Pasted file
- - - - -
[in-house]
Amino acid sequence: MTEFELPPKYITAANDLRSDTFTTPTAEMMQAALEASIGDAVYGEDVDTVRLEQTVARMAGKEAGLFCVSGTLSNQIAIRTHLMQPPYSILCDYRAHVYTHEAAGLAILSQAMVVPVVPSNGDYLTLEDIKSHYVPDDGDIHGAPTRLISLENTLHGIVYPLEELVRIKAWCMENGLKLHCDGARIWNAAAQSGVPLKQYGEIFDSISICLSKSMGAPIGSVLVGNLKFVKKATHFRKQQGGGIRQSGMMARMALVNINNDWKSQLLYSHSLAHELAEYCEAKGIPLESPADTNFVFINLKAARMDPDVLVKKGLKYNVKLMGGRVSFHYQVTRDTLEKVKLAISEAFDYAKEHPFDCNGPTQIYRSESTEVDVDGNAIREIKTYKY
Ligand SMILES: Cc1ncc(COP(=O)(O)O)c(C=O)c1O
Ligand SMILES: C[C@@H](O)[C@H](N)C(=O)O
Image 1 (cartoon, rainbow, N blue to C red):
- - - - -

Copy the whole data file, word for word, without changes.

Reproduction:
[in-house]
Amino acid sequence: MTEFELPPKYITAANDLRSDTFTTPTAEMMQAALEASIGDAVYGEDVDTVRLEQTVARMAGKEAGLFCVSGTLSNQIAIRTHLMQPPYSILCDYRAHVYTHEAAGLAILSQAMVVPVVPSNGDYLTLEDIKSHYVPDDGDIHGAPTRLISLENTLHGIVYPLEELVRIKAWCMENGLKLHCDGARIWNAAAQSGVPLKQYGEIFDSISICLSKSMGAPIGSVLVGNLKFVKKATHFRKQQGGGIRQSGMMARMALVNINNDWKSQLLYSHSLAHELAEYCEAKGIPLESPADTNFVFINLKAARMDPDVLVKKGLKYNVKLMGGRVSFHYQVTRDTLEKVKLAISEAFDYAKEHPFDCNGPTQIYRSESTEVDVDGNAIREIKTYKY
Ligand SMILES: Cc1ncc(COP(=O)(O)O)c(C=O)c1O
Ligand SMILES: C[C@@H](O)[C@H](N)C(=O)O
Image 1 (cartoon, rainbow, N blue to C red):